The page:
Throughout this Lenten season, the coronavirus (COVID-19) pandemic has forced all of us, in one way or another, to reflect on the reality of suffering in our lives — how we choose to understand it and cope with it. For those without faith, suffering has no purpose and is something to be avoided at all costs, but in the light of the Gospel we see that suffering is inseparable from our salvation and sanctification in Christ our Crucified Lord.
“For unto this are you called: because Christ also suffered for us, leaving you an example that you should follow His steps. … Dearly beloved, think not strange the burning heat which is to try you, as if some new thing happened to you. But if you partake of the sufferings of Christ, rejoice that, when His glory shall be revealed, you may also be glad with exceeding joy.” (1 Pet. 2:21, 4:12-13)
Today’s meditation from Divine Intimacy by Fr. Gabriel of St. Mary Magdalen (1893-1953), entitled, “The Value of Suffering”, offers a powerful and providential reflection for these unusual times in which we find ourselves — unusual, not so much because of the novel coronavirus itself, but more so due to “[t]he drastic and disproportionate security measures with the denial of fundamental human rights of freedom of movement, freedom of assembly, and freedom of opinion [that] appear almost globally orchestrated along a precise plan,” in the words of Bishop Athanasius Schneider. And much worse, the fact that the vast majority of the Church’s shepherds have offered no resistance whatsoever to such measures, which deprive the faithful of access to the sacraments.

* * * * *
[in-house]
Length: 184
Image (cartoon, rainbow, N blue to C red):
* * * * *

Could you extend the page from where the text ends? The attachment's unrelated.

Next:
During these final two weeks of Lent, may all of Christ’s faithful strive to enter deeply into His saving Passion and thus experience the truth of St. Paul’s words: “To them that love God, all things work together unto good” (Rom. 8:28).
127. The Value of Suffering
By Fr. Gabriel of St. Mary Magdalen, O.C.D.
1. The Passion of Jesus teaches us in a concrete way that in the Christian life we must be able to accept suffering for the love of God. This is a hard, repugnant lesson for our nature, which prefers pleasure and happiness; however, it comes from Jesus, the Teacher of truth and of life, the loving Teacher of our souls, Who desires only our real good. If He commends suffering to us, it is because suffering contains a great treasure.
Suffering in itself is an evil and cannot be agreeable; if Jesus willed to embrace it in all its plenitude and if He offers it to us, inviting us to esteem and love it, it is only in view of a superior good which cannot be attained by any other means — the sublime good of the redemption and sanctification of our souls.